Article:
And we are on track to — a commitment to build 2 million more affordable housing units, including what we're doing here in terms of the freeway. (Applause.) So, that's important.

But the reality of it is that when we focus on this issue, we got to realize that part of the reason everything is so expensive is we don't have enough supply on the market. And this is a national problem.

So, our investments are about also what we need to do to build affordable housing. I'm looking at some issues around how we can look at vacant commercial real estate and conversion. There's a lot of this issue that is about also what we need to do to focus on local rules that might make it d- — zoning rules that might make it different for these things to happen and how we can create incentives that are productive for everybody.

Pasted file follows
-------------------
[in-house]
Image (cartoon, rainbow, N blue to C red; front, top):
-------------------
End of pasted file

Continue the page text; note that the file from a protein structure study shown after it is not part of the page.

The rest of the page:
And then it gets back to, for example, the student loan debt. And what we have seen — we have — we have now forgiven over $150 billion in student loan debt. (Applause.) On average, we're looking at somewhere around $70,000 per person. And especially if we're talking about people in public service — nurses, firefighters, teachers — and doubling the number for them.

But — but one of the other things I've asked the leaders here in terms of helping me get the word out: Let people know they qualify for student loan debt [forgiveness] even if they never graduated. That's really important for folks to know.

Because, you know, think about in terms of the logic of the policy. Why is it that — that the case? Because, sadly, they didn't graduate, some people, because they couldn't afford to keep paying tuition. But they still have to pay back that loan.